BLM, a message from our CEO

Date published: 3rd September 2020

A few weeks ago I joined the gathering of over 4,000 people of all backgrounds at the Forest Recreation Ground to express our support for the Black Lives Matter Campaign. I must say it was an emotional event for me, seeing so many young people of all backgrounds standing together in solidarity for such a just cause.
This is not the first time I have attended such a protest demonstration. I have supported many over the years and there was always hope that there will be some positive advancement made in the way UK society deals with racial injustices and discrimination due to ethnicity. And if you look back in history you will see that positive changes have been made in response to these protests.
However, there are those that will say that unfortunately when the next recession or austerity programme came along it was the people of BAME backgrounds and those living in deprived areas that become the first to suffer the consequences.

So, will there be any more positive changes this time? Well, we all hope so! I believe there is room for optimism partly because the crowds that we have seen across the globe have been far more mixed or even mainstream than in the past. In other words the Black Lives Matter cause is no longer a cause supported only by a minority. Everyone in the public eye, seem to have issued a supportive statement and whether ‘jumping on the band wagon’ or not, the campaign has made its mark and the murder of George Floyd has hopefully changed the world forever.
However, there is no room for complacency and it must start now with a fundamental change to our educational curriculum removing the subtle and erroneous portrayal of black people and black led nations as making less of a contribution towards the advancement of mankind.

So, back to Nottingham and the young people protesting at the Forest Recreation Ground. As already stated the vast majority of the crowd was made up of young people from all backgrounds no doubt many about to leave college or school looking and wondering what opportunities will be there for them. We know that if you are black in the UK, as compared to the white population you are:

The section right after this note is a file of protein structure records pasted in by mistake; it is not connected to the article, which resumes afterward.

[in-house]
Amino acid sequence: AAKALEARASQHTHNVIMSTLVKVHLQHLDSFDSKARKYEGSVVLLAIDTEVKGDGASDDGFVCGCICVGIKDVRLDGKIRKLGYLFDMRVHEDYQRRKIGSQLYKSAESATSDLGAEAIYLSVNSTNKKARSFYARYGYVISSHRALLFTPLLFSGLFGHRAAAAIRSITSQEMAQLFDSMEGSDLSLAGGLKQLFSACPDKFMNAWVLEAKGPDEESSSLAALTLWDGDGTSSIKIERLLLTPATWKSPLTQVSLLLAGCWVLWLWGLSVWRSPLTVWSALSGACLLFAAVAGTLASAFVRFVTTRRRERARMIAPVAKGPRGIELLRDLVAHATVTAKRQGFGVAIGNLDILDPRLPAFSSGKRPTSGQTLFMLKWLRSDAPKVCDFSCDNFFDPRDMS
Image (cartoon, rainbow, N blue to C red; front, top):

• More likely to be unemployed;
  • More likely to be stopped by police;
  • More likely to be given a custodial sentence;
  • More likely to die from Covid-19;
  • More likely to be homeless or in unsuitable accommodation.

We cannot ignore the challenging economic times ahead. Locally, we have seen a number of job losses being announced by Boots and Rolls Royce and Nottingham City Council.. So, what does Tuntum do in the circumstances? Well this is what Tuntum will continue to do:

  • Be a place of work where people feel it is safe to share with colleagues in an open and listening environment their frustrations at societies inequality.
  • Be a working environment that provides opportunity for young people with talent and commitment.
  • Provide good quality homes and services to diverse communities, as it says in our Vision.
  • Be a shining example of a well-run black led business that can be a role model for new initiatives in our community. This will require a more disciplined and mission focused approach to our work, at all levels.
  • Develop schemes that meet the housing and cultural needs of our community especially our elderly, the Windrush generation so that they can spend their last days in a safe and friendly environment.
  • Keep listening to the views of the community and stakeholders and respond with positive and dynamic action.

Kind regards,
Richard Renwick, CEO, MBE